Farm­ers reel­ing from heat­wave

Lesotho Times - - News - ’Man­toetse Maama

FARM­ERS have warned that this sea­son’s har­vests will fall dramatically if the cur­rent heat­wave, which has seen crops shrivel due to the swel­ter­ing heat, con­tin­ues.

Sum­mer crop­ping, which was flour­ish­ing in the past months was now in jeop­ardy due to the per­sis­tently high tem­per­a­tures which have been bak­ing the coun­try­side since the be­gin­ning of Fe­bru­ary. Among the sum­mer crops be­ing cul­ti­vated in the low­lands are maize, beans, sorghum and pota­toes.

A farmer from ha Fako on the out­skirts of Maseru, Bakoena Thipane, said he is wor­ried his har­vest will not come good be­cause of the sear­ing tem­per­a­tures.

“I had cul­ti­vated maize on a two hectare field and nor­mally the har­vest is very good,” Mr Thipane said.

“I de­cided to plough early to avoid com­pli­ca­tions dur­ing the har­vest­ing time. Since we had had the rains in the past months, the crops were grow­ing very well.

“how­ever, the since the be­gin­ning of Fe­bru­ary, we have been experiencing too much heat.”

he said the crops’ leaves had al­ready wilted be­cause of the rapid evap­o­ra­tion and soar­ing tem­per­a­tures, adding that if there is no rain soon, this sea­son’s crops might be a write off.

An­other farmer, Khahliso Le­falatsa, said they had al­ready re­vised their har­vest pro­jec­tions down­wards be­cause of the high tem­per­a­tures and low pre­cip­i­ta­tion.

“We can only hope and pray that the rains will come soon be­cause we de­pend on farm­ing for our sus­te­nance,” Mr Le­falatsa said.

’Mant­si­uoa Mosola, a farmer from ha Makhoathi, said she is wor­ried that her beans and pota­toes har­vest will be un­der­cut by the in­ces­sant heat­wave.

“In Jan­uary my crops were very good and some cus­tomers were even mak­ing pre-or­ders for the pota­toes but, un­for­tu­nately, due to this drought I don’t think they will yield much,” said Ms Mosola.“as for the beans, I don’t think they can reach ma­tu­rity with this heat.”

Se­nior Crop Pro­duc­tion Of­fi­cer in the Agri­cul­ture and Food Se­cu­rity min­istry, Sekho­nyana Ma­hase, said the re­cently har­vested win­ter crop­ping wheat was be­low par due to the heat­wave.

“The har­vested wheat is highly con­tam­i­nated with weeds. Ob­vi­ously the ger­mi­na­tion was not good due to the cur­rent drought,” Mr Ma­hase said.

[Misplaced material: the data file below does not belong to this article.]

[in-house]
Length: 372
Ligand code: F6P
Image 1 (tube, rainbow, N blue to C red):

“On a one hectare field, a farmer can pro­duce two tonnes of wheat but due to the drought some peo­ple only man­aged to get three 50 kilo­gramme bags be­cause of the con­tam­i­na­tion by weeds.

“Dur­ing sum­mer crop­ping, the crops were promis­ing un­til the end of Jan­uary. Since the be­gin­ning of Fe­bru­ary, we never had rains and this a very crit­i­cal mo­ment in the crop devel­op­ment stage.

“The maize crops will be in the tus­sling stage and, due to pre­vail­ing drought, the pol­li­na­tion process is not tak­ing place ham­per­ing grain for­ma­tion lead­ing to low yields.”

he said since some of the crops have not yet flow­ered, if the rains came in time they would still re­cov- er. how­ever, Mr Ma­hase said even in the event they had re­cov­ered, they might not reach phys­i­o­log­i­cal ma­tu­rity due to on­set of early frost.

he said the same also ap­plies with sorghum, which goes through sim­i­lar stages of devel­op­ment as the maize crops although sit­u­a­tions might dif­fer with the types of soils as some have huge par­ti­cles that lose mois­ture faster than oth­ers.

The Le­sotho Metro­log­i­cal Ser­vic- es an­nounced that tem­per­a­tures in the low­lands were ex­pected to rise above 30 de­grees Cel­sius from the be­gin­ning of this week.

Me­te­o­rol­o­gist, Retšepile Neko, said their out­look had shown that heat­waves would pre­dom­i­nate in early Fe­bru­ary.

“We had rains un­til the end of Jan­uary and, dur­ing the first three days of Fe­bru­ary, the tem­per­a­tures were very low. This week, we an- nounced that peo­ple should ex­pect heat­waves from 9 to 12 Fe­bru­ary with tem­per­a­tures ex­pected to rise above 32 de­grees Cel­sius in the low­lands,” Mr Neko said.

“how­ever, to­day (Thurs­day) we are ex­pect­ing some rain­fall. On Thurs­day we are ex­pect­ing 40 per­cent rains and Fri­day there will be 60 per­cent. Gen­er­ally, the weather fore­cast has re­vealed that there will be more rains in a long term.”

The sum­mer crop­ping in Ha-makhoathi which was flour­ish­ing in the past months has wilted due to high tem­per­a­tures since the be­gin­ning of Fe­bru­ary.

Khahliso le­falatsa has ad­justed down­wards his yields for this sea­son be­cause of the heat­wave.

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